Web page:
Jazz Snare Techniques  

Replicating the nuanced techniques of jazz snare drumming in a DAW requires careful attention to detail. Start with selecting the right snare drum samples that capture the essence of jazz. Look for samples with the subtlety and dynamics needed for a jazz groove. Snare multi-samples and good use of velocity and sampler techniques can really help in mimicking the expressive nuances which is key to a great Jazz groove. Varying the velocity of each of your drum hits, and using accents and ghost notes, will help you craft intricate and expressive rhythms.  

Standard Jazz Swing Pattern

In traditional jazz, the snare drum often plays on beats 2 and 4 of each measure. This pattern is commonly referred to as the "backbeat" and helps establish the swinging rhythm of the music. It provides a steady, consistent pulse that keeps the ensemble together. 

Syncopated Snare Accents and Snare ghost notes. 

As the snare is a very important instrument to create danceable groves, then using ghost notes and syncopation is a really powerful way to add interest and sophistication to your drum patterns. Jazz drummers frequently add syncopated accents on the snare which falls on the offbeat, or in between the standard backbeat, injecting a sense of unpredictability to the groove. For example, they might play a snare hit on the "and" of beat 2, or play to a 16th note, or even the "a" of beat 4 when counting a triplet groove. Adding Drum hits aren't the only way to add syncopation, sometimes a more powerful way is to embrace ghost notes where an accent is expected, moving the accent to the next note instead is a great way to keep the listener interested.  


Snare Rolls and Flams 

Jazz drummers employ snare rolls (rapid, continuous hits) and flams (simultaneous hits with both sticks) to create dramatic fills and transitions. These techniques add excitement and energy to the music, especially during solos or climactic moments. 


Cross-sticking is a technique where the drummer strikes the rim of the snare drum with the tip of the drumstick while muting the drumhead. This produces a dry, percussive sound that is often used in quieter jazz passages to create a unique texture.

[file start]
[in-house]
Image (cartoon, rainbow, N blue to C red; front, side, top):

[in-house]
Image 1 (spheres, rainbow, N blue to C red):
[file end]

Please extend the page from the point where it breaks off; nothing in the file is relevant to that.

A rimshot is a technique where the drummer strikes both the drumhead and the rim of the snare simultaneously. It produces a sharp, loud accent and is used to emphasize certain beats or create dramatic effects. Rimshots are often found in more energetic and upbeat jazz sections. 

Snare Drags

A snare drag involves quickly dragging the drumstick across the snare drum's surface, creating a buzzing or rattling sound. This technique is used sparingly to add a touch of grit and excitement to specific moments in a jazz performance. 

Muted Snare Hits

Jazz drummers may experiment with dampening or muting the snare drum to achieve a more controlled and subdued sound. This is often used during ballads or quieter passages to create a soft, intimate atmosphere. 

These are just a few examples of how jazz drummers use the snare drum to shape the rhythm and dynamics of their music. Jazz drumming is highly expressive and relies on a deep understanding of these techniques to convey the emotions and nuances of the music. 

Jazz Kick Drum 

In jazz music, the Kick drum (or bass drum) plays a crucial role in providing rhythm, accentuating the groove, and interacting with other instruments in the ensemble. Jazz drummers use the bass drum in various ways to create a dynamic and swinging feel. Here's how the bass drum is typically used in jazz, including the beats on which it is commonly played: 

In many jazz styles, particularly those with a straight-ahead or swing feel, the bass drum often plays a steady quarter-note pattern, known as "four-on-the-floor." This means the bass drum hits on each downbeat (beats 1, 2, 3, and 4) of every measure. This pattern provides a solid foundation and helps establish the tempo and pulse of the music. 

Swing Pattern
In traditional jazz swing patterns, the bass drum typically accents beats 1 and 3. This accentuation emphasizes the "swing" feel, with a strong emphasis on the first beat of each measure. The bass drum provides a driving force that complements the ride cymbal's rhythm. 

Variations on the Swing Pattern
Jazz drummers often add variations to the traditional swing pattern by incorporating syncopated bass drum accents. These may include subtle hits on the "and" of beats 1 and 3 or playing a bass drum note just before the snare drum's backbeat accents, adding complexity and groove to the rhythm. 

Jazz Feathering
Feathering the bass drum is a technique where the drummer plays very softly and lightly taps the bass drum pedal on every beat. This technique is typically used to maintain a gentle underlying rhythm without overpowering the rest of the drum kit. It provides a subtle pulse and is often employed in quieter jazz passages, ballads, and during bass solos. 

Bass Drum Syncopation
In more advanced jazz drumming, drummers incorporate syncopated bass drum patterns. These syncopations can involve offbeat accents, quick doubles, or complex patterns that add rhythmic excitement and variation to the music. The choice of syncopation depends on the drummer's style and the musical context, but much like our snare example the same techniques apply such as using ghost notes and playing off the beat to create rhythmical tension. 

Interaction with the Bass Player